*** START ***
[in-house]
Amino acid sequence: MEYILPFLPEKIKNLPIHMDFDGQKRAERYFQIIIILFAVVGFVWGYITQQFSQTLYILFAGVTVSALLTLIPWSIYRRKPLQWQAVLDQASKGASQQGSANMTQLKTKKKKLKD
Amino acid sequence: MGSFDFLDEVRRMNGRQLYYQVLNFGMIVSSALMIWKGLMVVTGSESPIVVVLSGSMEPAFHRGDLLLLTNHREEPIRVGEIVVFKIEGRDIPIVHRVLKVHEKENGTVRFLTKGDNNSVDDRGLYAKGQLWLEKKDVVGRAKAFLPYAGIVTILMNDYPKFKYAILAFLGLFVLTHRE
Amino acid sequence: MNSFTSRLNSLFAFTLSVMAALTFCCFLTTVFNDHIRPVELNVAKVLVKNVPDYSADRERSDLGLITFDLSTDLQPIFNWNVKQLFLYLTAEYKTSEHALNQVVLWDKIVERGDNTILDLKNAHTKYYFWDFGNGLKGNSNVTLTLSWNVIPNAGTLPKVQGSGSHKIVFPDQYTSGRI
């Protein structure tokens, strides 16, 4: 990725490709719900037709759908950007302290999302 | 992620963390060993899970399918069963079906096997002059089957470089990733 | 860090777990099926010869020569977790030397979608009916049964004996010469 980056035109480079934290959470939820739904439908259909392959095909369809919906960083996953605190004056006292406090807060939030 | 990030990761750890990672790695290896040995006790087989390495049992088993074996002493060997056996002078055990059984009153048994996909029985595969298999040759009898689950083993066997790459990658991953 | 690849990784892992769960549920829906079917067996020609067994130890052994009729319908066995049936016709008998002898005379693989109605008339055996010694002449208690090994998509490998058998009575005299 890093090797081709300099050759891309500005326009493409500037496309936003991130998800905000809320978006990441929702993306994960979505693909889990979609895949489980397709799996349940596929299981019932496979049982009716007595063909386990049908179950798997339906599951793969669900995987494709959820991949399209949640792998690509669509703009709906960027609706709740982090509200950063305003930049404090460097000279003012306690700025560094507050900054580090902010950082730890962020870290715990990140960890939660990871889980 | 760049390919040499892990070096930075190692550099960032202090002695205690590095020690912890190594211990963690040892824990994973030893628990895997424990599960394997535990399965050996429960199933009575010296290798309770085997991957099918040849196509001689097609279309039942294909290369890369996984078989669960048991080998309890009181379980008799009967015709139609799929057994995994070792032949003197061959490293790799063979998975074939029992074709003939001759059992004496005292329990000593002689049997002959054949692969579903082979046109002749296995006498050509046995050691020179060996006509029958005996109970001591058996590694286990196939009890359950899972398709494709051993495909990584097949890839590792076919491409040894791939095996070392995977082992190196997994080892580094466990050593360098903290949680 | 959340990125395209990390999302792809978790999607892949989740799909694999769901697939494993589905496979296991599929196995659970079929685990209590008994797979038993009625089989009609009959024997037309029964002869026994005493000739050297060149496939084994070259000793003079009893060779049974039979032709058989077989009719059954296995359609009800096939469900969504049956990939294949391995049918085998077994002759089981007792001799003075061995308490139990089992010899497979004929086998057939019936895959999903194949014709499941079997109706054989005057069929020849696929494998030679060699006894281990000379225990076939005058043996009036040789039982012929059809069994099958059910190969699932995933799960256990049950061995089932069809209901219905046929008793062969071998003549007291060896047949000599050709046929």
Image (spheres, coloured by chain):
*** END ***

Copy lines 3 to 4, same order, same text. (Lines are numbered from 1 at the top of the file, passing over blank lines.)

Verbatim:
Amino acid sequence: MGSFDFLDEVRRMNGRQLYYQVLNFGMIVSSALMIWKGLMVVTGSESPIVVVLSGSMEPAFHRGDLLLLTNHREEPIRVGEIVVFKIEGRDIPIVHRVLKVHEKENGTVRFLTKGDNNSVDDRGLYAKGQLWLEKKDVVGRAKAFLPYAGIVTILMNDYPKFKYAILAFLGLFVLTHRE
Amino acid sequence: MNSFTSRLNSLFAFTLSVMAALTFCCFLTTVFNDHIRPVELNVAKVLVKNVPDYSADRERSDLGLITFDLSTDLQPIFNWNVKQLFLYLTAEYKTSEHALNQVVLWDKIVERGDNTILDLKNAHTKYYFWDFGNGLKGNSNVTLTLSWNVIPNAGTLPKVQGSGSHKIVFPDQYTSGRI